1. Be courteous and respectful. You will get nowhere with an angry or condescending attitude, and will just give the IRS reason to come down harder on you. When your head is in the mouth of the bear, say nice bear.
2. Abide by deadlines, or call for more time if one can’t be met. Don’t let it pass. The IRS will assume the worst if there is no contact, but usually will be forgiving if a call is placed with a reasonable explanation.
3. Do not give false or misleading information. Hard questions may require some thought for good answers that are both correct and in your best interest, but false information is always a no-no. It is not worth turning a civil collection or audit matter into a potential criminal one.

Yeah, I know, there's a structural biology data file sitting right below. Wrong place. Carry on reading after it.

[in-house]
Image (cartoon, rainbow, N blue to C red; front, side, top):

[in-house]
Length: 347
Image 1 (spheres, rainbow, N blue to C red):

4. Open your mail. It is intimidating to get IRS letters in the mail. But those letters are often very important, and give you legal rights that will lapse if not attended to. Ignorance to what the IRS is sending you is not a defense. It will only complicate matters and make it harder to dig out later.
5. Stay current on your taxes. File and pay on time while you are negotiating and thereafter. There will be no negotiations if you are not current, and any success in the negotiations will ultimately fail if you later default.